Net metering — also called net energy metering (NEM) or net billing — is a rather valuable incentive that helps maximize energy savings with solar panels over time. When your solar panels are generating a lot of power, you might be able to produce more than your home needs. You can send this extra energy to the grid, earning credits that can offset your costs in the future when you need to draw power in from the grid to supplement what your panels can produce.
All of the net metering credits you earn are applied automatically to energy bills in the future, so overproduction in July can offset energy costs and total electric bills in August and beyond.
NEM provides a few key benefits:
Net energy metering is not mandated by the Utah’s Public Service Commission (PSC), which means not all residents will have access to this perk. However, many of the state’s largest utility companies – including RMP (PacifiCorp) – do provide it. That means most residents will be able to enjoy the benefits of NEM.
The current rate offered by most providers in the area is below the retail rate — usually the wholesale or avoided-cost rate. This isn’t as ideal as the full retail rate, but it’s still massively helpful.
Net energy metering may not always be available in your area, which is something to keep in mind when converting to solar. Many states are seeing decreases in the credit rates offered, and others are seeing the incentive get discontinued. There is no plan for the net metering program in UT to be downgraded, but that is possible.
Signing up for net energy metering is a simple process that, in most cases, your solar installer will do on your behalf. You can follow the steps below to make sure you get access to this perk.
Net energy metering is one of our favorite perks, and it’s one of the most valuable ones you can take advantage of. We especially love that it’s easy to apply for and that most solar customers won’t need to do anything to enroll. Installers usually handle it for you.
We would, of course, love to see NEM be mandated throughout the state and not just voluntarily offered by utility companies. We would also like to see the full retail rate offered for energy credits rather than an avoided-cost rate or wholesale rate.
Still, the savings you can see from this perk are excellent, so it remains a favorite of ours in the area.
There are also some perks offered by local utility companies and individual cities to help make solar conversion more enticing in certain areas. We’ll include a quick list of these perks below, along with a brief explanation of how each of them works.
There might be other perks for energy efficiency upgrades — like solar water heaters, smart thermostats and geothermal heat pumps — offered by your utility company. We recommend reaching out to your power company or looking on the Database of State Incentives for Renewables and Efficiency to see what’s available.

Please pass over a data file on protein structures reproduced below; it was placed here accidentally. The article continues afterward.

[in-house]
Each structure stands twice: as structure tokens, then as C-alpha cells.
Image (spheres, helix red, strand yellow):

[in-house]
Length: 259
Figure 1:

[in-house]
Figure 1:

Some solar incentives are more valuable than others, but in a state with relatively few perks, we recommend taking as many as you possibly can. The two we suggest focusing on are the federal tax credit and net energy metering.
The federal tax credit offers perhaps the most valuable upfront benefit, given the potential savings and the minimal time investment required to apply for it. It’s also available to all residents, unlike NEM and some of the local incentives available.
Net energy metering is also crucial to file for if you have access to it. While you won’t earn the retail value for your energy in most places, it can still help save you money over time and maximize the value you see from your panels.
Plus, applying for NEM is a breeze, and most residents won’t even need to fill out the application, as many installers tackle this on the solar customer’s behalf.
There is no plan in place for additional photovoltaic (PV) incentives to become available in the Beehive State in the coming years. This could change if the state implements a mandatory RPS goal. For now, though, it doesn’t appear that will happen any time soon.
In the sections below, we’ll answer some of the most pressing and common questions we see about incentive programs available to Utahns.
No, Utah does not have Solar Renewable Energy Certificates (SRECs). SREC are credits that solar customers earn in accordance with their solar production, and utility companies purchase them to offset fossil fuel usage, usually to comply with RPS goals. Since the state goal is voluntary, there is no active SREC market, so you cannot turn a profit by accruing and selling energy credits.
There is nothing to suggest that new incentives will become available for home solar power systems in the next two years. As mentioned above, the state has a non-mandatory RPS goal, which means there is little incentive for utility providers and the state government to offer additional perks.
In fact, this has led to other incentives — like Utah state’s renewable energy systems tax credit previously offered by the Office of Energy Development — to expire rather than be renewed.
If a new goal is set and made mandatory, then there’s a chance new perks will become available. This could also reinstate the state solar tax credit for solar PV systems, although this is unlikely.
The Inflation Reduction Act (IRA) greatly improved the federal credit for installations completed in 2022 and beyond. First, it increased the credit rate back up to 30% for installations done in 2022 and 2023. Second, it extended the credit’s expiration date by a decade to 2034.
The IRA also improved credits offered for purchasing electric vehicles (EVs). The maximum credit was pushed up to $7,500 for specific makes and models.Calculate how much you can save thanks to the IRA with our IRA calculator.
There is no plan for any currently available perks to decrease or disappear in the next two years. The most recent negative change to incentives in the area was to the Utah solar tax credit, which ended in 2021. Although the RPS goal remains voluntary, there isn’t any evidence to suggest that the other perks will be negatively affected in the coming years.
Net energy metering is one of the most common perks to get reduced or discontinued, as many states are seeing credit rates decrease or disappear. Since NEM isn’t mandated in the Beehive State anyway, any negative changes would happen on a local level. There isn’t any evidence to suggest that companies like RMP will drop net energy metering in the near future.
Unlike in many other states, there is no sales tax exemption or property tax exemption available for solar conversions. That means you’ll have to pay the state sales tax on all equipment, and your property taxes will increase as a result of going solar.